This online service allows producers with hay and those who need hay to post ads so they can make connections.

Hay Net is a popular site for farmers and ranchers who have an emergency need.

Individual ads can be posted free of charge by producers who complete a simple online registration form the first time they use the site.

Thursday, April 23, 2015

Draft Horse Pull Sunday in Lewis County

There will be a draft horse pull at noon Sunday, behind the Copenhagen Fire Hall, 9950 Main St. 

There will be two weight classes: lightweight class up to 1,700 pounds and heavyweight class over 1,700 pounds. 

Parking is behind the fire hall and on Washington Street.

Saturday, April 11, 2015

Farm Stands Now Can Take Part in WIC Program

News for people with Farm Stands:

Individual farm stands in New York this year for the first time will be able to join farmers' markets and participate in the federal Women, Infant, Children program.

State Agriculture Commissioner Richard A. Ball and Acting State Health Commissioner Dr. Howard A. Zucker said changes in federal regulations allow farm stands to take part in WIC. This means people in the Special Supplemental Nutrition Program will be able to buy fresh fruits and vegetables at farm stands this summer and fall.

“Hundreds of farmers at traditional farmers’ markets already participate in the WIC Vegetables and Fruits Check program, and this new innovation will allow individual farm stands to reach a new audience with world class, locally-produced fruits and vegetables,” said Ball.  “Farm stands have flexible hours and can provide other opportunities such as ‘pick your own’ operations for WIC families.”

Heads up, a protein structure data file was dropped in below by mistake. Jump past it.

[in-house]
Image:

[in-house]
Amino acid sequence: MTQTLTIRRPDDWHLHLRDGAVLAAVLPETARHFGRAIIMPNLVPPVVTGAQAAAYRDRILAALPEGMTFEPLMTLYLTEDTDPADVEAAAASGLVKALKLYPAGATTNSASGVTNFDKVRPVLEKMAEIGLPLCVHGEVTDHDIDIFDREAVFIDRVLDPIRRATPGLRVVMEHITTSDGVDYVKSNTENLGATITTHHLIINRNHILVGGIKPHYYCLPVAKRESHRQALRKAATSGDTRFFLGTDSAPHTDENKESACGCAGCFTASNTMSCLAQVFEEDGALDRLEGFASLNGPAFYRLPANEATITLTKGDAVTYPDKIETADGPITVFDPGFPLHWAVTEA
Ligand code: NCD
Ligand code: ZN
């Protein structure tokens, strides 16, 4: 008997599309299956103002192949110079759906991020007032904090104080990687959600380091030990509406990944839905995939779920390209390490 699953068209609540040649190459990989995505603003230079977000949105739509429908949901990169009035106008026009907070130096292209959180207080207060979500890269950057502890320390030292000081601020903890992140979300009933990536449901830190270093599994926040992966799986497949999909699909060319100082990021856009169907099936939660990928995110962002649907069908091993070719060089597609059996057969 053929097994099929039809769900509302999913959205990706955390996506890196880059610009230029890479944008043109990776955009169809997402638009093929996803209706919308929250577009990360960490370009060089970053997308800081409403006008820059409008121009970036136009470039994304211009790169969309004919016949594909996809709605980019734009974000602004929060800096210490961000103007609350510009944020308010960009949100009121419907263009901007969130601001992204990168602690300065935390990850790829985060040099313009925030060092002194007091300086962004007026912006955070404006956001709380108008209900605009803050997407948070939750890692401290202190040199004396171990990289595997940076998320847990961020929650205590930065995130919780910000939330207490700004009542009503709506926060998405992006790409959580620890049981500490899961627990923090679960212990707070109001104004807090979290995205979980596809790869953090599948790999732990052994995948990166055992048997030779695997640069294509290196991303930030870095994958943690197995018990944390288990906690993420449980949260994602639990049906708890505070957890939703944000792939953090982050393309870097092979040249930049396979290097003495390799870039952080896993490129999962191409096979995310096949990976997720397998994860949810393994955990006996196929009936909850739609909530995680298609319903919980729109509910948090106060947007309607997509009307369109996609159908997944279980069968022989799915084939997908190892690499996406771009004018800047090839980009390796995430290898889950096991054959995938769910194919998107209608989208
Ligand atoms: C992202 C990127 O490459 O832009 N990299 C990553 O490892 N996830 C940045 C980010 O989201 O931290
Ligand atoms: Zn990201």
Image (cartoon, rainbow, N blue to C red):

“The WIC program ensures that mothers and their young children have access to the food and resources essential to healthy living,” said Dr. Zucker. “This partnership gives more families the ability to eat well, and enjoy fresh fruits and vegetables straight from the farm.”

The state Department of Health recently announced that children, and pregnant or breastfeeding women participating in WIC will receive an increase in the amount of fruit and vegetables that they can purchase each month. Through federal funds, WIC currently provides $8 per month for children and $10 per month for women to purchase fruits and vegetables of their choice. 

Beginning in March 2015, the Health Department will use state funds to increase the benefit by $4 per check per month through September 2015.

At farm stands, vouchers may be used to purchase fresh fruits and vegetables from farmers. 

Farmers operating farm stands who are interested in becoming authorized to participate in the WIC Vegetables and Fruits Check program can obtain information by visiting the Department of Agriculture and Markets’ WIC Vegetables and Fruits Check program webpage and registering for an upcoming farmer training webinar at:

Friday, April 10, 2015

Farm Service Agency Loan Program Handbook Updated

The full version of Farm Service Agency Farm Loan Programs Handbook 2-FLP (Rev. 1), Guaranteed Loan making and servicing, has been updated and made available for download.

Amendment 32 to the FSA Farm Loan Programs Handbook 2-FLP was recently issued and included many changes and updates. The current handbook, which includes the last Amendment 32, is available at:

World's Tallest Cow is in Illinois

Go to to check out the story.

Dairy Challenge Academy This Weekend at Holiday Inn, Salina